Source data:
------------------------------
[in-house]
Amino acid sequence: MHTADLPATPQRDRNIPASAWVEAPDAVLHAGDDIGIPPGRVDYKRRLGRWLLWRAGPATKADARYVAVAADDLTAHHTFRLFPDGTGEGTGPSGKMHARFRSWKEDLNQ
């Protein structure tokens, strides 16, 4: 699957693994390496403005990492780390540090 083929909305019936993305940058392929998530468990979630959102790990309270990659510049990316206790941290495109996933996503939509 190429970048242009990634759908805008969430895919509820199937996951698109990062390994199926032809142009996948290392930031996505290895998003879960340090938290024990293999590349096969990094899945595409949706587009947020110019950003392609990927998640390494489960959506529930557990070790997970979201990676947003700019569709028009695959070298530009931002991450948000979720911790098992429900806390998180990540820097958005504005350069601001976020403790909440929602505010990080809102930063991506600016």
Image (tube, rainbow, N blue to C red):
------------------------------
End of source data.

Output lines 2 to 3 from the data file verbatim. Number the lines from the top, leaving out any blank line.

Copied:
Amino acid sequence: MHTADLPATPQRDRNIPASAWVEAPDAVLHAGDDIGIPPGRVDYKRRLGRWLLWRAGPATKADARYVAVAADDLTAHHTFRLFPDGTGEGTGPSGKMHARFRSWKEDLNQ
């Protein structure tokens, strides 16, 4: 699957693994390496403005990492780390540090 083929909305019936993305940058392929998530468990979630959102790990309270990659510049990316206790941290495109996933996503939509 190429970048242009990634759908805008969430895919509820199937996951698109990062390994199926032809142009996948290392930031996505290895998003879960340090938290024990293999590349096969990094899945595409949706587009947020110019950003392609990927998640390494489960959506529930557990070790997970979201990676947003700019569709028009695959070298530009931002991450948000979720911790098992429900806390998180990540820097958005504005350069601001976020403790909440929602505010990080809102930063991506600016």